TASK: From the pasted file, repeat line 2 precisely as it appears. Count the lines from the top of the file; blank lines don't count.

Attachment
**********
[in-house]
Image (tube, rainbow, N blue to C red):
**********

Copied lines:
Image (tube, rainbow, N blue to C red):